by, Jo Carol Hebert
“Termite Awareness Week” has passed, but you might still want to know that these pesky little ‘woodworms’ are considered the silent destroyers. This is because they can quietly invade and eat away the tasty wood parts of your home.
North American ‘Wood Chompers’
Termites are less than one-inch long, but a termite colony of 60,000 of these social, highly-organized pests can eat a foot of wood in five months. Other than chewing up the timber foundations that support your house, these insects are otherwise very helpful in the wild. They enjoy the sugar of the cellulose plant fiber of dead trees in forests. This clears out the area for exposure to sunlight and new plant growth.
But when they invade your domain and nest in your wooden doors, window frames, carpets, wallpaper, and the wood posts that hold up your house, these uninvited house guests are a nightmare.
Time to call the ‘Exterminators’!
Types of Termites
Drywood Termites are smaller colonies of 2,500 members. They burrow in the wood of buildings, build nests, and eventually, (from 2-5 years) if not discovered, the building is damaged. They can be most destructive because they will also eat plastics, and fabrics made of wood. They ‘swarm’ into attics or house foundation cracks to find mates and reproduce thousands of ‘not so cute’ eggs.
Dampwood Termites need moist wood, and move into buildings that have leaky plumbing where the wood is nice and juicy. These types live along the Pacific coastlines and Southern Florida. They nest directly in the wood and not in the ground.
Subterranean Termites are your really bad termites with colonies up to 2,000,000 members with organized roles to perform: the workers, soldiers, reproducers, King and Queen. They need underground soil to build nests. Expert ‘worker engineers’ build tunnels up to their food sources of furniture, plastic plumbing pipes, sub-flooring, and insulation.
Did You Know?
- There are 2,000 species of termites in the world
- Termites eat wood non-stop – 24/7
- Termites have been around since the dinosaur age
- The weight of all termites in the world is greater than the weight of all humans
- They are ‘social insects’ – born, live and work in ‘colonies’ as a family group
- A termite is a ‘social-kind’ of cockroach. Other social insects are: bees, wasps, and ants
- Songbirds, eagles, owls, chickens, frogs, lizards, and anteaters eat termites
Termite Architects: The Mound Builders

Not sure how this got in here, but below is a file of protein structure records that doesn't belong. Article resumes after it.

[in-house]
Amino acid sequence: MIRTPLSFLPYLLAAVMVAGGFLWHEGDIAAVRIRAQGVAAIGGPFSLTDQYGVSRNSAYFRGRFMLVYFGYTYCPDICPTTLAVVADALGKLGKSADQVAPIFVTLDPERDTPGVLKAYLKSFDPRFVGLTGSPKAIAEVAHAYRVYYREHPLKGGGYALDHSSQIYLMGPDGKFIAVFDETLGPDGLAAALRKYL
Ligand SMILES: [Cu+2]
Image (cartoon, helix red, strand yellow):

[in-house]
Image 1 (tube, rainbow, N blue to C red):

The ‘Grass-Eating’ Australian Termites
These are the really interesting formations of North Australia, revered by the indigenous Aboriginal people of Australia. Although there are 350 species of termites in Australia, only 20 of these species are destructive. The ‘mound builders’ of the tropical remote outback regions enrich the soil by breaking down the clay dirt and grass, thus bringing up the nutrients from underground.
The large mounds are called ‘termitariums’, built over underground nests by hundreds of millions of termites over whole lifetimes. The ‘spinex’ termites construct tall and narrow slab mounds like headstones in a vast cemetery. Other structures by ‘magnetic’ or ‘compass’ termites are shaped like ‘cones’. Made of soil, saliva and termite excretions, termitariums can be up to 17 feet, 10 feet around, weigh 10 tons and house 2,000,000,000 members.
African termite mounds are often covered by vegetation. This provides food for herbivores of the area. The 6-13 feet-high mounds form hills with ridges and harden like rock. Elephants use them for ‘scratching’ posts. Some African termite species are ‘fungus-growers’. Their cellulose ‘poop’ ferments and provides food. Like all
subterranean termites, the nest is underground and the mound has tunnels for ventilation of air. Sometimes, Cheetahs will perch on top of a mound to get a better view of possible prey on the landscape.
South American Termites
A type of termite in Northeast Brazil is the ‘little-known’ ‘Syntermes dirus’. These incredible mound structures cover an area the size of Great Britain and can be seen from space. The 200,000,000 mounds are each approximately 10 feet tall, 33 feet wide, spaced 66 feet apart.
A typical termite colony within a mound will have about 33 pounds of termites that will move 550 pounds of dirt in an average year. They will also carry several tons of water through the mound, by transferring it mouth to mouth. Often the mound will outlast the colony. Then, other shelter-seeking animals slip into the cool available homes. Geckoes, lizards, snakes, and spiders will invade and inhabit the structures.
“The More You Know . . . “
Now that you are a ‘smarty-pants’ about ‘termites’, we hope that your life will be a little better, and that you can reflect on the information this week – in case you have nothing else to think of!
Here is a ‘termite joke’: “What did the termite say to the chair?”
(Answer: “Nice ‘knawing’ you”. Get it? ‘Knaw’ means to nibble on…..LOL)
*Take the Termite Test. See PDF’s for: *Draw/Color the Termite, brown or yellow. *Name the little termite in the cartoon!
Tiny Termite Test
1. True or False – ‘Drywood’ and ‘Dampwood’ are two kinds of termites.
2. True or False – There are 2,000 species of termites in the world.
3. True or False – Termites eat wood.
4. True or False – A termite is a “social insect”.
5. True or False – Other ‘social insects’ are butterflies and spiders.
6. True or False – Termites can grow to over 10 inches.
7. True or False – “Mound-building’ termites eat grass.
8. True or False – Some termite mounds in Brazil can be seen from space.
9. True or False – ‘Subterranean’ means ‘below ground’.
10. True or False – If you could, (would, wood) you have a termite for a pet? (Which word in the ‘parenthesis” fits the sentence?)